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News Release

London

Rising Vacancy Puts Downward Pressure on Europe’s Office Rents

According to Jones Lang LaSalle’s Q2 2009 European Office Clock


According Jones Lang LaSalle’s Q2 2009 European Office Clock Report prime office rents declined by 4.6% over the quarter, and now stand on average 15.4% lower then Q2 2008. The Index, which is based on 24 markets, shows that Moscow witnessed headline rental falls of 30%, followed by Dublin (-18%) and Madrid (-10%) over the quarter. London has experienced a year-on-year fall in prime rents of -32% and potentially has now reached the peak of rental decline. The overall European vacancy rate increased 80 basis points to 9.3%.

Chris Staveley, Head of Jones Lang LaSalle’s Cross Border team, commented: “Despite early signs of improvements in economic and business confidence a significant proportion of occupiers across Europe are still reducing staff numbers and seeking to avoid the costs of relocation. While some tenants are looking to take advantage of current market conditions and secure high quality space in better locations, overall office demand remains low across Europe.”

Office leasing volumes in Q2 2009 increased 9% from the previous quarter to 2.1 million sq m but sit 35% below Q2 2008 levels and nearly 30% below the five-year average. Take up in Central and Eastern Europe (CEE) increased to 0.6 million sq m and now stands 14% above the five-year average. Some significant increases in take up over the quarter were also reported in larger western European markets, notably Brussels (+51%), Madrid (+46%) and London (+43%), though they are based on comparatively low absolute numbers.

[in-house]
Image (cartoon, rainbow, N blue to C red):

Although completion levels across Europe remain 30% above the five-year average, few new office developments commenced during Q2 2009. Despite difficult leasing conditions 1.9 million sq m of space was completed and added to the market, but this represents a 10% decrease over the quarter with several projects being cancelled or postponed. In the CEE region the average vacancy rate increased significantly to 14.6%, the highest level since 1999, while the Western Europe average rate reached 8.8%. Dublin recorded the highest vacancy rate (21.2%), followed by Moscow (18%) and Budapest (15%). Luxembourg achieved the lowest vacancy rate (3.7%) whilst Paris , London and Warsaw (5,6%) were among the markets with vacancy rates below the European average.

“With another 4 million sq m of space due for completion this year and with office demand expected to remain weak vacancy rates are going to continue to increase further over the year - the overall European vacancy rate could exceed 10% by the year end”, concluded Staveley.

John Duckworth, Managing Director Central & Eastern Europe at Jones Lang LaSalle adds: “The first half of the year was a period of rapid rental readjustment in most CEE markets. Those markets most advanced in this process, and further around the face of the clock, demonstrate increased transparency and flexibility and as such are more likely to respond to positive conditions in the next few quarters. Interestingly for CEE, corporate demand - whilst weak in Q1/2 2009 - is beginning to return. The very fact that markets are readjusting is emphasising the cost benefits open to corporate investment in the region. This is one of the factors we see as a key driver to underpinning occupier demand, and ultimately a rental floor across the region”.